For more than two generations, the Department of History has contributed, in a major way, to the production of African American recipients of the Ph.D. in history. It is probably still the case that no other Ph.D. program in the United States has produced more except Howard University. W. Sherman Jackson and Robin Bernice Balthrope concentrated in Constitutional History; James Thomas Gillam and Christienne Hinz studied East Asia; Elisse Wright and Carol Anderson concentrated in Diplomatic History; and Sherwin Bryant focused on Latin America. The majority of the graduates have, however, concentrated in combined areas of American (USA) and African-American history.
Among the earliest graduates are veritable pioneers, publishing books on African America before most scholarly presses took the subject seriously. These scholars have, individually and collectively, compiled a distinguished record. Carter G. Woodson, through his important Association for the Study of Negro Life and History imprint, published W. Sherman Savage's first book, The Controversy over the Distribution of Abolition Literature, 1830-1860" (1938). Savage's next book, Blacks in the West (1976), led the way in the development of a new subspecialty. Helen Edmonds, who also made a name for herself in the national political arena, published the first book in the country on fusion politics. The Negro and Fusion Politics in North Carolina, 1894-1901 (1973; University of North Carolina Press, 1951) is still considered a standard work. Earlie Thorpe, a prolific intellectual historian during his lifetime, was a pioneer in the areas of psychohistory and African American historiography.* Chester Gregory published the first major scholarly book on women workers during World War II (Women in Defense Work during World War II: An Analysis of the Labor Problem and Women Rights, (1974). The scholarly production of these graduates is staggering when one considers that the authors taught in service-intensive, historically black colleges and universities with teaching loads that were regularly eight and ten courses a year.
The younger graduates are also making their mark. Marvin R. Dulaney, after a distinguished early career in the University of Texas system, is currently Executive Director of The Avery Research Center, one of the most important archives in the country for twentieth-century and southern Civil Rights history. Steeve Buckridge, who was ahead of the curve in combining the study of Africa, the Caribbean, and the United States, recently published The Language of Dress: Resistance and Accommodation in Jamaica, 1760-1890 (University of the West Indies Press, 2004). Carol Anderson's new book, Eyes Off the Prize: African American, The United Nations, and The Struggle for Human Rights, 1944-1952 (Cambridge, 2003), has won numerous national prizes. She currently holds a fellowship at the Charles Warren Center for Studies in American History at Harvard University.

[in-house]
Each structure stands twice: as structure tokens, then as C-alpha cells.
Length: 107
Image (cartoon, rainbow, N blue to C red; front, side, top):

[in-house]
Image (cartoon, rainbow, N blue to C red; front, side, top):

Almost all of this great work began before it was possible to complete a formal field in African American history at OSU. With recent hires in the department (see the faculty links listed to the right) and the considerable contributions of Kenneth Goings and Walter Rucker in the Department of African American and African Studies (Goings is Department Chair), Ohio State University joins its legacy of producing so many black scholars to a demonstrated commitment to the field of African-American history.
* A selected list of Thorpe's works include The Desertion of Man: A Critique of Philosophy of History (1958), The Mind of the Negro: An Intellectual History of Afro-Americans (1961, 1970), Eros and Freedom in Southern Life and Thought (1967), Black Historians; A Critique (1969, 1971), The Central Theme of Black History (1969), The Old South: A Psychohistory (1972, 1979).
W. Sherman Savage, 1934, "The Controversy over the Distribution of Abolition Literature, 1830-1860"
Helen Grey Edmonds, 1946, "The Negro and Fusion Politics in North Carolina, 1895-1901"
Earlie Endris Thorpe, 1954, "Negro Historiography in the United States"
Paul McStallworth, 1954, "The United States and the Congo Question, 1884-1914"
Robert E. Moran, 1968, "The History of Child Welfare in Louisiana, 1850-1960"
William Gibson, 1969, "A History of Family and Child Welfare Agencies in Baltimore, 1849-1943"